Optimizing solar panels has long been a challenge for scientists and engineers. Now, however, they can go further towards the ideal with the help of self-curving polymer, which gives solar panels the power of a sunflower.
In a paper published in Nature Nanotechnology, the scientists describe a sunflower-like biomimetic omnidirectional tracker (SunBOT) based on a photosensitive nanomaterial and a thermosensitive material that can point solar panels directly at the source of sunlight. The type of feedback that such a system uses is called photropism.
The discovery was made by the collaborative efforts of researchers at the University of California, Los Angeles and Arizona State University. Its creators suggest that the system can "autonomously and instantaneously detect and track incident light in three-dimensional space at wide ambient temperatures with high precision and rapid response, without an auxiliary power supply or human intervention."
To test the material, the researchers transformed it into a sunflower stem and directed the light at it from different angles, with the stem pointing in the direction of the light. Adding flower-shaped panels to the stem allowed them to create a receptive system that can help maximize solar panels' exposure to sunlight without wasting energy optimizing position.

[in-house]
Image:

They explored several different material configurations in the process, such as hydrogel with gold particles and elastomers with light-absorbing paints. The researchers hope that the new technology will make solar power up to four times more effective compared to regular stationary solar panels based on tests of a solar-powered steam generation system. However, under those conditions, heat rather than light will serve as the basis for power generation.
The researchers say that any system that loses performance due to a moving power source could gain efficiency using the newly invented system. The technology can aid in research and practical applications of adaptive optical signal receivers, smart windows, or next-generation space and medical equipment.
In the near future, we may see more advancements in technology with new engineering solutions to better capture solar energy.
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